Id. at 11. Cowden insinuated to Miller that he had some leverage to prevent the foreclosure: "I told Mr. Miller ... [t]hat I believed that the mortgagee would allow that to happen if I made that call ... [,] knowing that the mortgagee is going to be fully satisfied and protected ...." Id. at 11-12. In contrast, "the mortgagee might not do it with Kim Honesty because she hadn't paid anything in a year ...." Id. Miller's recollection confirms this account. See Tr. of 10/29/97, at 12-13.1

It is also undisputed that Miller, once he learned of the impending foreclosure on the Jones Bridge Road residence, contacted Covahey & Boozer in early September in an attempt to prevent the sale. He communicated "with counsel for the mortgage company, about the existence of the forfeiture suit, that the lis had been filed, that they could not pass clear title." Id. at 10. In a September 16 letter to Miller, Thomas Dore of Covahey & Boozer responded that "your assertions that we are unable to foreclose at this time are incorrect." Claimant's Supp. Mem. Mot. Dismiss, Attach. D. Dore explained, "Regarding your assertions with respect to the forfeiture case, please be advised that we have been in contact...

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5 practice notes
  • U.S. v. Real Property Located at 1184 Drycreek Road, Granville, Ohio 43023, Nos. 97-4158
    • United States
    • United States Courts of Appeals. United States Court of Appeals (6th Circuit)
    • April 23, 1999
    ...of Real Property, Located at 9638 Chicago Heights, 27 F.3d 327, 330 (8th Cir.1994); United Sates v. Property Identified as Lot 718, 20 F.Supp.2d 27, 39 (D.D.C.1998)(concluding only dismissal would afford meaningful relief when property seized is owner-occupied). The majority of circuits tha......
  • U.S. v. 1461 West 42nd Street Hialeah Florida, No. 99-11130
    • United States
    • U.S. Court of Appeals — Eleventh Circuit
    • May 22, 2001
    ...may have obtained from an unlawful seizure may be appropriate remedy); United States v. Property Identified as Lot Numbered 718, 20 F. Supp. 2d 27, 39 (D.D.C. 1998) (noting that although remedy of dismissal is the minority view, under facts of the case, dismissal is the only solution that w......
  • U.S. v. Lane, No. 10–5061.
    • United States
    • United States Courts of Appeals. United States Court of Appeals (District of Columbia)
    • March 25, 2011
    ...that it seized the real property at issue prior to appellants' withdrawal. United States v. Property Identified as Lot Numbered 718, 20 F.Supp.2d 27 (D.D.C.1998), is similarly distinguishable. See id. at 35–38 (finding due process violation where government seized claimant's home without an......
  • U.S.A v. Lane, No. 10-5061
    • United States
    • United States Courts of Appeals. United States Court of Appeals (District of Columbia)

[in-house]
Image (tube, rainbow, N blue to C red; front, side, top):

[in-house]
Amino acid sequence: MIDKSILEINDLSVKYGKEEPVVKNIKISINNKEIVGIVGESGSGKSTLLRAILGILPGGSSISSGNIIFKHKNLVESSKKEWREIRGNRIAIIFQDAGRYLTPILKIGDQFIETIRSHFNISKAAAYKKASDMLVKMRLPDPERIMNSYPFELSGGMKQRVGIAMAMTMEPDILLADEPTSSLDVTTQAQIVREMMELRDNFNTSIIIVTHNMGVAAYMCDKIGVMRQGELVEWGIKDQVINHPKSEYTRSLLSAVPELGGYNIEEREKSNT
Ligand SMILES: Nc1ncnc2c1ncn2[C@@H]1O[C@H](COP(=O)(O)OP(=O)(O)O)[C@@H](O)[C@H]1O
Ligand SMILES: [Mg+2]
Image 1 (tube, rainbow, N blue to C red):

• March 25, 2011
    ...that it seized the real property at issue prior to appellants' withdrawal. United States v. Property Identified as Lot Numbered 718, 20 F. Supp. 2d 27 (D.D.C. 1998), is similarly distinguishable. See id. at 35-38 (finding due process violation where government seized claimant's home without......
  • Request a trial to view additional results
5 cases
  • U.S. v. Real Property Located at 1184 Drycreek Road, Granville, Ohio 43023, Nos. 97-4158
    • United States
    • United States Courts of Appeals. United States Court of Appeals (6th Circuit)
    • April 23, 1999
    ...of Real Property, Located at 9638 Chicago Heights, 27 F.3d 327, 330 (8th Cir.1994); United Sates v. Property Identified as Lot 718, 20 F.Supp.2d 27, 39 (D.D.C.1998)(concluding only dismissal would afford meaningful relief when property seized is owner-occupied). The majority of circuits tha......
  • U.S. v. 1461 West 42nd Street Hialeah Florida, No. 99-11130
    • United States
    • U.S. Court of Appeals — Eleventh Circuit
    • May 22, 2001
    ...may have obtained from an unlawful seizure may be appropriate remedy); United States v. Property Identified as Lot Numbered 718, 20 F. Supp. 2d 27, 39 (D.D.C. 1998) (noting that although remedy of dismissal is the minority view, under facts of the case, dismissal is the only solution that w......
  • U.S. v. Lane, No. 10–5061.
    • United States
    • United States Courts of Appeals. United States Court of Appeals (District of Columbia)
    • March 25, 2011
    ...that it seized the real property at issue prior to appellants' withdrawal. United States v. Property Identified as Lot Numbered 718, 20 F.Supp.2d 27 (D.D.C.1998), is similarly distinguishable. See id. at 35–38 (finding due process violation where government seized claimant's home without an......
  • U.S.A v. Lane, No. 10-5061
    • United States
    • United States Courts of Appeals. United States Court of Appeals (District of Columbia)
    • March 25, 2011
    ...that it seized the real property at issue prior to appellants' withdrawal. United States v. Property Identified as Lot Numbered 718, 20 F. Supp. 2d 27 (D.D.C. 1998), is similarly distinguishable. See id. at 35-38 (finding due process violation where government seized claimant's home without......
  • Request a trial to view additional results